It’s extremely disappointing to think about all this, but it’s true. The only good I can see coming of it is that I’ll hopefully get to be a super mentor to some bright kid coming up in a new generation. I know now what to do, but it took way too long to learn it. Some kid is out there in the same position I was, and if I can offer even a bit of wisdom I‘m happy to.

That kid may not even be born yet, OR, he or she could be reading it right now without me even having a clue. I surely hope so, even if I never know it. That’s the right thing for anyone to do – pass good energy forward. If I can help someone else, I’ll always make it a point to do so. That’s what real giving is all about. I hope others can avoid my mistakes.

I would LOVE to have had the chance to be drafted by any big time pro sports league so I could have felt the thrill of hearing my name called by the commissioner and walk down the aisle smiling from ear to ear with camera lights flashing and TV analysts touting me.

That’s not going to happen, at least in this life. Maybe in a parallel universe I’m a Hall of Famer with a drawer full of championship rings and a fat bank account, but in this life I’ve got to worry about paying rent every month. I hope I learn whatever lessons I need to.

Potawatomi Payback

June 24, 2010

Wednesday June 23rd, 2010 – Lake Villa, IL

I’ve been flapping off a lot lately about how much I need to establish a workable system for staying booked, and I’m finally starting to implement it. The main objective is to have top of mind awareness with as many booking agents as possible, so they think of me first.

It’s very difficult to stay in everyone’s face without being a pest. There are probably too many comedians all trying for the extremely finite amount of work available, and it’s like an online game of musical chairs to get a booking almost anywhere these days. It’s tough.

It was a different kind of tough in the old days, but the numbers game was different too. Back then the hard part was getting a booker on the phone. Once you did though, it could mean a whole chunk of your year was booked, as several bookers had many full weeks of work to pass out. Plus, there weren’t as many people as now all trying for the same work.

There was no internet back then, and that really ended up changing the whole process of booking when it eventually hit. I know I sound like a senile toothless old grand pappy, but it’s true. The internet has turned the booking process into a game of who can answer back an email the fastest when a booker offers open dates. It’s very hard to stay on top of it all.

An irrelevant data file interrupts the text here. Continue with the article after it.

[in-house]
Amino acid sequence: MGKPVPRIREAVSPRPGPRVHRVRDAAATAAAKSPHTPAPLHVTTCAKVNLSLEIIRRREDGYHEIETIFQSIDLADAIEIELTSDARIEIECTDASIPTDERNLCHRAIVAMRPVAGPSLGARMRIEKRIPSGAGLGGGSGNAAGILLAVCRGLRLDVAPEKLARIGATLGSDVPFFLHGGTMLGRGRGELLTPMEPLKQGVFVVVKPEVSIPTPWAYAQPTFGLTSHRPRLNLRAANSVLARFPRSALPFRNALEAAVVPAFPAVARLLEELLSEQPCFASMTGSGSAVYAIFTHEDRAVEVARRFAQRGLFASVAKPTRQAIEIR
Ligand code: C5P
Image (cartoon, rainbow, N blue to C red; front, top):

Also, the amount of work that each booker has to offer has shrunk dramatically so that’s all the more times I have to worry about finding a match. If I could hook up twelve weeks of work with one email, I wouldn’t need to make that many contacts. That’s not how it is anymore, so I have to constantly keep trolling my emails for one week or even one night.

The smart way to do it would be to make a list of every single booker I work for and put together a list of avails and send it to them so they can know when I’m open. That’s not a bad idea nor a complicated one, so one would think I’d have made it a regular part of my life by now, but I just haven’t. There’s no excuse for it, and I’m ashamed I’ve been so lax.

I’ve decided I can’t fix it in one fell swoop, and I can’t. It’s going to take some work to lay a foundation first and build and rebuild relationships with bookers. There are the ones who call me, but they’re not the ones I need to impress. It’s the ones I don’t work for on a regular basis, if at all. They’re the ones I need to let know I’m available without pestering.

A perfect example was the booker of the Northern Lights Theatre at Potawatomi Casino in Milwaukee who called me today. I sent him my avails when we had our schedule glitch a few weeks ago and I ended up getting bumped. I wasn’t angry, and just sent him my list of avails and asked him politely to keep me in mind if he had any fallouts. They do occur.

Today I got the call asking me to fill in this Saturday because of a last minute change in someone else’s schedule. Bingo! I lost a week unexpectedly, but I got it right back in just a few weeks simply by letting the booker know I was open. Why don’t I do this with each and every booker I’ve ever worked for? That sounds like a great idea, I should have been doing it years ago. One of these days I’m going to finally get smart. When I do, look out.

Kipper And Kidders

June 23, 2010

Tuesday June 22nd, 2010 – Kenosha, WI

Jerry’s Kidders are back together…even if it was only for a single lunch at the Brat Stop in Kenosha, WI. We hadn’t seen each other in way too long, and even though Jerry Agar wasn’t able to join us, it was still great to see the Kidders. We still have a solid chemistry.

The reason we chose the Brat Stop is because it’s in between Milwaukee where Kipper McGee lives and the far south side of Chicago where Ken Sevara and Tim Slagle happen to live. I’m right in the middle so I had the shortest drive of all, and of course I was late.